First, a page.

In the past month, we've had several customers at work suddenly insist that we make modifications to their firewalls and/or load balancers to redirect *all* incoming HTTP traffic to HTTPS (which of course isn't always entirely sane to do on proxying devices, but they apparently don't trust their server admins to maintain an HTTP redirect). Most of them cited requirements from their PCI-DSS auditors. One apparently was outright told that their redirects were "a security problem" because they presented an open socket on port 80, and they needed to be refusing all HTTP to their servers at the firewall. I think we gave them sufficient wording to convince their auditor that blocking access to the redirect itself wasn't going to do anyone any good.
there is only one Mode, and it is Secure
Which, if I can say in small defence, is an end-point, a result, an arrival that does not in the slightest hint at how or why we got there. Or by what path, which by way of example is the topic of this very blog post.
The Electronic Frontier Foundation has announced and pushed a new experimental browser plugin to take browsing on that very path towards more and pervasive HTTPS:
HTTPS Everywhere is a Firefox extension produced as a collaboration between The Tor Project and the Electronic Frontier Foundation. It encrypts your communications with a number of major websites.
Many sites on the web offer some limited support for encryption over HTTPS, but make it difficult to use. For instance, they may default to unencrypted HTTP, or fill encrypted pages with links that go back to the unencrypted site.
The HTTPS Everywhere extension fixes these problems by rewriting all requests to these sites to HTTPS.
And Jeff Hodges, Collin Jackson and Adam Barth have published an Internet Draft called Strict Transport Security based on this paper, which in essence tells anyone who connects to the insecure HTTP service to instead switch across to the secure HTTPS service.
Now, leaving aside whether these innovations will cause a few confusions in compatibility, site-redesign and access, all common ills that we would normally bow and scrape before, ... it would seem that this time there is some emphasis behind it: As well as the EFF plugin above, Paypal and NoScript have adopted STS. As Paypal was at one time the number 1 target for phishing-style attacks, this carries some weight. And as NoScript is allegedly used by practically all the security people on the planet, this could be influential.
A few words on what appears to be happening here. In the Internet security field is that the 800lb gorilla -- breaches, viruses, botnets, phishing,... -- it seems that outsiders like EFF, Paypal and PCI-DSS auditors are starting cleaning up the field. And in this case, they're looking for easy targets.
In an ideal world, every web request could be defaulted to HTTPS.
It's a simple thing, and an approximate first step towards the hypothesis of there is only one mode and it is secure. Switching to HTTPS for everything does a few things, obvious and subtle.
1. the obvious thing is that the user can now be seriously expected to participate in the "watch the padlock" protocol, because she's no longer being trained to ignore the padlock by the rest of the site. The entire site is HTTPS, that's easy enough for the users to understand.
2. The second thing that the notion of pervasive HTTPS does is to strip away some (not all) of the excuses for other parties. Right now, most decision makers almost totally ignore HTTPS. Browser manufacturers, server manufacturers, CAs, cartels, included. It is all compliance thinking, all eyes are turned elsewhere. If, for any circumstance, for any user, for any decision maker, there is a failure, then there is also an easy excuse as to "why not." Why it didn't work, why I'm not to blame, why someone else should fix their problems.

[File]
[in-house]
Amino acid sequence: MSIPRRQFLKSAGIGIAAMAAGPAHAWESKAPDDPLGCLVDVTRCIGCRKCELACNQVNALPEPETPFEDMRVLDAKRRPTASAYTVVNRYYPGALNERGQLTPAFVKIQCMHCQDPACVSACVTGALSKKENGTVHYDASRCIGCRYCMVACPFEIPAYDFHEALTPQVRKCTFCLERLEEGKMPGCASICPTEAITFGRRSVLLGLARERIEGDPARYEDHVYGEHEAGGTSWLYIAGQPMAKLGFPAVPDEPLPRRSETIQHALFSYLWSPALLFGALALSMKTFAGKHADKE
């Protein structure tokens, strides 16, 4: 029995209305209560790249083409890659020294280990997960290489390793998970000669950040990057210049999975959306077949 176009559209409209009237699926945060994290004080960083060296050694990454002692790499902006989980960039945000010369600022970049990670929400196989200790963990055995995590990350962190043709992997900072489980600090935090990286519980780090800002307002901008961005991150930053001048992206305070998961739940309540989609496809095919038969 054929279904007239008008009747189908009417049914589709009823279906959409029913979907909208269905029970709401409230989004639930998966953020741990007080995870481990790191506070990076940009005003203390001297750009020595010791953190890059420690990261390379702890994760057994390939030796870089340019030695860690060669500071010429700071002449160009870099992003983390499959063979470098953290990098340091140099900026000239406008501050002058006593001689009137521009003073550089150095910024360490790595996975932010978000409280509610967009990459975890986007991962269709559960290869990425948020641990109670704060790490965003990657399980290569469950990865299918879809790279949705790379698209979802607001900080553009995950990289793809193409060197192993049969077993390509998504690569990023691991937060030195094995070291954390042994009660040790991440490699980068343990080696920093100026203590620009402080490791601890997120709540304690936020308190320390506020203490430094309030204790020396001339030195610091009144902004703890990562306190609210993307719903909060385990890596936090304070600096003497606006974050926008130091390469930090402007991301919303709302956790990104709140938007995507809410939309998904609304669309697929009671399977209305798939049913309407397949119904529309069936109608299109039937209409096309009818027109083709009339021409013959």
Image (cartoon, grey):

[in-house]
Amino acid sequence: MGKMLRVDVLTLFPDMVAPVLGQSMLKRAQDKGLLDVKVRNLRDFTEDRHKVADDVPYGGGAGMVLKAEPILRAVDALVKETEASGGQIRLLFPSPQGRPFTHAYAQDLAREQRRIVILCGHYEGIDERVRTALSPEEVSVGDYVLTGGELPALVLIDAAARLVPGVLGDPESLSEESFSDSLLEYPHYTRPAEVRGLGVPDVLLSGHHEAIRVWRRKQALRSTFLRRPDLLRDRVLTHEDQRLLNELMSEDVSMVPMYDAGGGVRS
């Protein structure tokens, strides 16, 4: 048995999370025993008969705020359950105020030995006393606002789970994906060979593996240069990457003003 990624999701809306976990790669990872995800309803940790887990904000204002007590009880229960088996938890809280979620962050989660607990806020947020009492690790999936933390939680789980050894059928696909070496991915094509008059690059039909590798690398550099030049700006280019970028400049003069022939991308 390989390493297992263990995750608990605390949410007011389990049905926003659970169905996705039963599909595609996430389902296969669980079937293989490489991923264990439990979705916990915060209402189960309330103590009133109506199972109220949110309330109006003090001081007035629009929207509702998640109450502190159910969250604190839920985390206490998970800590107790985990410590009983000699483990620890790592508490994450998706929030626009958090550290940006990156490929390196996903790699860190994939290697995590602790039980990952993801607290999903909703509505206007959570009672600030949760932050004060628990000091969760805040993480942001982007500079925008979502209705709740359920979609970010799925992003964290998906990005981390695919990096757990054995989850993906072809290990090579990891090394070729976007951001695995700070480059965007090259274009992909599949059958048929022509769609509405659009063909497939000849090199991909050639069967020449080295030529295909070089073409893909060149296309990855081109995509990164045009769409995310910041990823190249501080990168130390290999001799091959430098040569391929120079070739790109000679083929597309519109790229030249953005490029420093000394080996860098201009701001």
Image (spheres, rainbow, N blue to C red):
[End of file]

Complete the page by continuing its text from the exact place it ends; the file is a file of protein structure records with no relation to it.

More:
Probably, there are more excuses than we can count (I once counted 99...) (the latest excuse from NIST, Mozilla and Microsoft).
However, if the PCI-DSS auditors make HTTPS the normal and only mode of operation, that act will strip away a major class of excuses. It's on, always on, only on. Waddya mean, it went off? This means the security model can actually be pinned on the suppliers and operators, more of the time. At least, the outrage can be pinned on them, when it doesn't work, and it will have some merit.
3. The third thing it does is move a lot of attention into the HTTPS sphere. This is much more important, but more subtle.
More attention, a growing market, more expectations means more certs, more traffic, more reliance on the server cert, etc. But it also means more attention to client certs, more programmers, more admins, more more more ...
Which will elevate the use of HTTPS and its entire security model overall; which will hopefully get the people who can make a difference -- here I'm thinking of Mozilla and Microsoft and the other browser security UI production teams -- to put a bit more effort and thinking into this problem.
Some would say they are working hard, and I know they are. But let me put this in context. Last I heard, Jonathan had a team of 2-3 programmers working on Firefox security UI. (And, yes, that's a set-up for a correction, thanks!)
This team is so tiny that we can even know their names.... Let me know and I'll post their names :)
Yet, this security UI is protecting the online access of probably 100 million people across the planet. And the current viewpoint of the owning organisation is that this is a backwater that isn't really important, other areas are much more important.
(Just to point out that I'm not picking on Mozilla unfairly: Microsoft is no better, albeit more clear in their economic reasoning. Google probably has one person, Opera may have one too. Konqueror? Apple won't say a thing...)
(Prove me wrong, guys! Ya know ya want to! :)Posted by iang at August 21, 2010 01:27 PM | TrackBack